Thursday, June 4, 2009

Playfulness loves Imperfection

Since reading a blog post by Christine Kane last week about taking "imperfect action," I've been thinking a lot about perfectionism as an enemy of playfulness. Nothing kills creative, playful ideas like a dose of perfectionist thinking. As Christine says, waiting until your effort, action, or creation is "perfect" before you try it or put it out there in the world is a great way to ensure that it never gets out there at all. 

I know all too well how effectively perfectionist thinking can prevent me even from trying to get an idea out of my head (so many great ideas!) and into writing, or painting, or some other form of human action. "What if I fail? What if I mess it up/botch it/hate what I do/waste all that paint/make a fool of myself, etc.?" (Perfectionism may help me to reach for high standards, but it sounds a lot like the voice of fear, does it not?)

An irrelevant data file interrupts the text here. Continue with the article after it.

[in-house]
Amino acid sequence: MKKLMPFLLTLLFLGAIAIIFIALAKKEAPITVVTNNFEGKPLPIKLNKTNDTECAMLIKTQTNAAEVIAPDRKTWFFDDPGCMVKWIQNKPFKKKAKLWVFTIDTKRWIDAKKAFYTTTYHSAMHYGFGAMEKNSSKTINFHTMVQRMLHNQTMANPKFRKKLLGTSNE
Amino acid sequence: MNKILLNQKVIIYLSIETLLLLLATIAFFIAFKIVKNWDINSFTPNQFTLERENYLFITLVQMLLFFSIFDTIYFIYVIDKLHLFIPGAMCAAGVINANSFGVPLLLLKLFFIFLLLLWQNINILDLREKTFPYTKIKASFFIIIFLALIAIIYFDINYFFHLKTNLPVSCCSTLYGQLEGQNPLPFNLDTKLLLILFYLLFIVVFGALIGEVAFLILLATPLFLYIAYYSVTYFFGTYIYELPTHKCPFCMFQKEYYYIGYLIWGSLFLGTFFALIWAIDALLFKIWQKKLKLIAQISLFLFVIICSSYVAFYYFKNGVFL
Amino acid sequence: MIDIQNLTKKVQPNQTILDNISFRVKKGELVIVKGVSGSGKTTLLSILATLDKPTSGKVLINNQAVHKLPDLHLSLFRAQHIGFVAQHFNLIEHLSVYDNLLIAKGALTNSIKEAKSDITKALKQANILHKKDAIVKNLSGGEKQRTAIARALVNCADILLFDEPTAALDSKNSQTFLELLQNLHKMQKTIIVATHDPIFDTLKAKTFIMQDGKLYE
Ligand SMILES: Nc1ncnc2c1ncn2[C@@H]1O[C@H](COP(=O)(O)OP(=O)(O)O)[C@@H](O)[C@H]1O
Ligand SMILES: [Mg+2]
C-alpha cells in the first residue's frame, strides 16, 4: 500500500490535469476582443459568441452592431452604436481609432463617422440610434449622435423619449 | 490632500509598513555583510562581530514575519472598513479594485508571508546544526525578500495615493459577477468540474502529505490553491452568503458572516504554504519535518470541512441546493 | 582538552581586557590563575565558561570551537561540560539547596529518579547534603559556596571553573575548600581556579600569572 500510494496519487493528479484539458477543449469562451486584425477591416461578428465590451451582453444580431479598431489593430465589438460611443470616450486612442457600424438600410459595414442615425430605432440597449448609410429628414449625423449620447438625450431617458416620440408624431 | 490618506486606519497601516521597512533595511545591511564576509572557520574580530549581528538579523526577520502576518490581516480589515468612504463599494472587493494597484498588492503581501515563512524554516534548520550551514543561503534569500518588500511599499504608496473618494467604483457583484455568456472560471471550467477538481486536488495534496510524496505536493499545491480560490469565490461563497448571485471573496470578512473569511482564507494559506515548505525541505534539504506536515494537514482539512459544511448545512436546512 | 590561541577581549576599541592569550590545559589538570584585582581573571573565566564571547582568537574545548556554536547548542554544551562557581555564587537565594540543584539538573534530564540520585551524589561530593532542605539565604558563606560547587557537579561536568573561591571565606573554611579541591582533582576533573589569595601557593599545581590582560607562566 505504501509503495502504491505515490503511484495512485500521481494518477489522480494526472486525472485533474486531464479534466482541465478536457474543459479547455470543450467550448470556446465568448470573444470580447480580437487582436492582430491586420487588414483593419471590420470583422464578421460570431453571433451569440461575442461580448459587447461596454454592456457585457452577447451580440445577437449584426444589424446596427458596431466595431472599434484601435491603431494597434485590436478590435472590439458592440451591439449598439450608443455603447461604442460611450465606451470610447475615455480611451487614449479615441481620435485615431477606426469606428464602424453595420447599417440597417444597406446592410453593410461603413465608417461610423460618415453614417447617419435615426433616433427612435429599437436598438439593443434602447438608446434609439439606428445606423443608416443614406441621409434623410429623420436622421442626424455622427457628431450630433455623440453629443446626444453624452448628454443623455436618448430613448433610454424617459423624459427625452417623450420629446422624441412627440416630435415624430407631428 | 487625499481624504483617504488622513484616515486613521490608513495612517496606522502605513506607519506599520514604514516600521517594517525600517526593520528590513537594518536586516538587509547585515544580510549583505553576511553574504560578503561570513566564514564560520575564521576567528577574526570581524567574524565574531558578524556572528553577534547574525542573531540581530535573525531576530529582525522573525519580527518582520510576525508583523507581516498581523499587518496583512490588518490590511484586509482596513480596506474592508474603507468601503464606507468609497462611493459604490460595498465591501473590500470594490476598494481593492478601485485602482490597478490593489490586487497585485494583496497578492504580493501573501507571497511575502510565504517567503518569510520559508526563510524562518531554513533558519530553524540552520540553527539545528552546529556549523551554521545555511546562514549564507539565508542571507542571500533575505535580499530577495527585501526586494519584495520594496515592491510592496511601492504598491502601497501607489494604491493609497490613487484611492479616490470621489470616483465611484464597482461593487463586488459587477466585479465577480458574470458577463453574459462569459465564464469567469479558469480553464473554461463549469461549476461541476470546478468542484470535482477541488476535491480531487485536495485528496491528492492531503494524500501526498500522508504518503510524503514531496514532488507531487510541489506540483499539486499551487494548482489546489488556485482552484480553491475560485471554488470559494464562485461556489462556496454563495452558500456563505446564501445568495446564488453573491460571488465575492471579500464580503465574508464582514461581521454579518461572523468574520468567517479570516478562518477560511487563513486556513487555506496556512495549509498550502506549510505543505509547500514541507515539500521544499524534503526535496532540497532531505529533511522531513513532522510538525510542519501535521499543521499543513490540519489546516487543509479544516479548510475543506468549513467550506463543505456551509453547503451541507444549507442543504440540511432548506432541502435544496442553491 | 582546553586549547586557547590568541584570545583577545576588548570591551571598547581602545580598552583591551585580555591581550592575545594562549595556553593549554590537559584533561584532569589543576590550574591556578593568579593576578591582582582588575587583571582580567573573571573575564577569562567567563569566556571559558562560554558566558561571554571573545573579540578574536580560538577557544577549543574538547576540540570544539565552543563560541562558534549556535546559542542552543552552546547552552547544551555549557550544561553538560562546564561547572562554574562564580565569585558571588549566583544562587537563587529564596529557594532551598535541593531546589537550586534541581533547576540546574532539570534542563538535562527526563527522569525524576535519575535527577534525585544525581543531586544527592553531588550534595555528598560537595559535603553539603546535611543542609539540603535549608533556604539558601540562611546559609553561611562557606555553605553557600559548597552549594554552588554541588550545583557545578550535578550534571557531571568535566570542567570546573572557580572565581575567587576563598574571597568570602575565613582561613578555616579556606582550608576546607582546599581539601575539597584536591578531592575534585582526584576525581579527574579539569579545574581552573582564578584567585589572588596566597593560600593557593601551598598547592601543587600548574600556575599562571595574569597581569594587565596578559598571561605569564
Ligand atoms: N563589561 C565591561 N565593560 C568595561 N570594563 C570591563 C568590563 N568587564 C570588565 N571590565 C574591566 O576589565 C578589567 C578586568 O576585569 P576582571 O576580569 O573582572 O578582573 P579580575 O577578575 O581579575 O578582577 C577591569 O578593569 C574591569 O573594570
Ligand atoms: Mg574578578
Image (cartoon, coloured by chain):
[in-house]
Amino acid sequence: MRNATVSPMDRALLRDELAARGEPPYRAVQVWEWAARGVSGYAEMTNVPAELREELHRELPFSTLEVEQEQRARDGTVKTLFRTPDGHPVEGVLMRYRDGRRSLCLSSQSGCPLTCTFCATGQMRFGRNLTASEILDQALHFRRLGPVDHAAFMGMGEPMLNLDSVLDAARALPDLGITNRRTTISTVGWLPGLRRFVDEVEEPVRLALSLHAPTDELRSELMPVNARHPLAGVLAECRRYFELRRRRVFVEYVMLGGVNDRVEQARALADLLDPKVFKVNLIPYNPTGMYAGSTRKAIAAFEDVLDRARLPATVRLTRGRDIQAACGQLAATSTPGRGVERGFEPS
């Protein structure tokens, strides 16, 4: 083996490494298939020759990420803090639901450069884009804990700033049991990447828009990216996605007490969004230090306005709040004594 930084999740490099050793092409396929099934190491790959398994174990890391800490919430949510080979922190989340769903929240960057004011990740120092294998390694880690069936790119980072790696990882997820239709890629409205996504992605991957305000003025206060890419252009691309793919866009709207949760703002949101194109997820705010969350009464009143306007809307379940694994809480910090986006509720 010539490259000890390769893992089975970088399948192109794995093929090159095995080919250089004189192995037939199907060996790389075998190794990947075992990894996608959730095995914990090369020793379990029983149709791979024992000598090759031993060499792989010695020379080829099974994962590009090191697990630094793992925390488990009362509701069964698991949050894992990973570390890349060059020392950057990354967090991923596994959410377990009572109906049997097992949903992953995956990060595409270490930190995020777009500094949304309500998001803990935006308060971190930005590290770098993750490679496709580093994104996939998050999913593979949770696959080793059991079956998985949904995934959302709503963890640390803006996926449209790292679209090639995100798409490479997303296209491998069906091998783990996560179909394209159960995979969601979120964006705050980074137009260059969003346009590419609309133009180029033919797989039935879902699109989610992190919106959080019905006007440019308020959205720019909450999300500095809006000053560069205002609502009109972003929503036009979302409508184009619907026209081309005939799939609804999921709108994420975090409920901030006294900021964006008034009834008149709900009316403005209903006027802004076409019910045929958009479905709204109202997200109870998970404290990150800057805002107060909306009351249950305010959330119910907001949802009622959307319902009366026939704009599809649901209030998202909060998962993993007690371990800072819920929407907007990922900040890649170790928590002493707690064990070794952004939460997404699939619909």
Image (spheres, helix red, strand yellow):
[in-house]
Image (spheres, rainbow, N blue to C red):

To which an obvious reply might be: "And what if you never try? How likely are you to succeed that way?"

Several months ago in my other blog, I wrote a post about Ms. Frizzle, the eccentric creative teacher of "The Magic Schoolbus" fame. In particular, I cited one of her favorite expressions as great advice for creative undertakings, curious explorations, and certainly for learning to play. "Take chances! Get messy! Make mistakes!"

Imperfect actions might be imperfect, but they are a whole lot better than no action at all! They make forward movement possible, even probable. The air begins to feel more charged with possibilities! And often the messes and mistakes lead to new discoveries, new ideas, and even to the kind of happy accident that's better than anything you could have ever planned.

Maybe I'll make it a "spiritual practice" to take at least one deliberately imperfect action a day! Who knows where it will get me, but I'm curious to find out--one imperfect, playful action at a time.

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